The industry scramble to find new gas supply sources should begin paying significant dividends as early as 2006, according to consultants at Arlington, VA-based Energy Ventures Analysis (EVA). By 2025, EVA sees the potential for 23.8-33.2 Bcf/d of additional gas supply coming from a wide variety of new sources.

Nearly all of that incremental supply growth is likely to be needed given projections that annual gas demand could increase to as much as 32 Tcf by 2020. Gas supply would have to increase by 26.6 Bcf/d from current levels to meet that projected demand growth, EVA said in its most recent Fuelcast long-term outlook.

“It is fairly apparent that traditional supply areas will not be able to achieve this level of increase in deliverability, but instead the U.S. market will have to rely on a series of evolving gas supply sources to fill the projected gap between supply and demand,” EVA said.

Although the timing of incremental supply additions is uncertain, the evolving sources include the following:

Liquefied natural gas stands out as having both the greatest intermediate-term impact and the greatest long-term potential supply, according to EVA. Each segment of the LNG chain already is undergoing a period of rapid expansion for a variety of reasons in addition to higher U.S. gas prices: increasing worldwide demand, declining costs in every segment, stranded gas supplies around the world, environmental pressure to eliminate flared gas (estimated at 8 Bcf/d worldwide) and the desire by many foreign countries to obtain hard currency.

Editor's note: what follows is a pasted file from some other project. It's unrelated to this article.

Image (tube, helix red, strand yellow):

EVA projects that LNG imports by the United States will rise from 0.6 Bcf/d in 2002 to more than 11 Bcf/d by 2010 with further increases after that.

However, in the meantime the industry will suffer through a period in which short-term supply increases will not be able to match short-term increases in demand. This has been created because of “the 3.5 Bcf/d decline in domestic gas production over the six consecutive quarters ending with the fourth quarter of 2002,” according to EVA.

“This along with the anticipated near record storage injections for 2003 has resulted in a significant supply and demand imbalance for the year,” EVA noted. “The latter is the net result of record storage withdrawals last winter, which caused end-of-the-season storage levels to reach record lows. The industry’s response to this situation has been a 2.8 Bcf/d, or 13%, reduction in industrial sector demand with additional declines likely as the year proceeds.”

EVA sees the tight supply-demand situation persisting until about 2006. “At that time supply relief from a series of evolving resources, but in particular LNG, should bring supply and demand back in balance which will help moderate prices.”

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